October 1983
Volume 24, Issue 10
Articles  |   October 1983
Episcleral venous pressure: a comparison of invasive and noninvasive measurements.
Investigative Ophthalmology & Visual Science October 1983, Vol.24, 1417-1422. doi:
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      D E Gaasterland, J E Pederson; Episcleral venous pressure: a comparison of invasive and noninvasive measurements.. Invest. Ophthalmol. Vis. Sci. 1983;24(10):1417-1422.

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      © ARVO (1962-2015); The Authors (2016-present)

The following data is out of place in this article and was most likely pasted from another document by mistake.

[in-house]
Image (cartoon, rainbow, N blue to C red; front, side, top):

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Noninvasive (pressure chamber) measurements of episcleral venous pressure were followed by invasive (direct cannulation) measurements at the same venous site in seven eyes of four anesthetized rhesus monkeys. There were three definite effects on the vein caused by the pressure chamber that could be used as endpoints: (1) slight indentation; (2) intermittent collapse; and (3) sustained collapse of the vein lumen. The mean pressure in the chamber corresponding to these endpoints was 9.9 +/- 0.9, 23.5 +/- 2.9, and 31.4 +/- 4.0 mmHg (+/- SE), respectively. After the chamber was removed, the pressure in the veins determined by cannulation measurements at the same sites was 11.3 +/- 0.5 mmHg (+/- SE). Therefore, the first endpoint with the pressure chamber (slight indentation) correlates most closely and slightly underestimates the cannulated pressure. Endpoints defined by partial or complete venous collapse overestimates the venous pressure. Simultaneous measurements with the chamber and a cannula show a rise of local venous pressure caused by the chamber.


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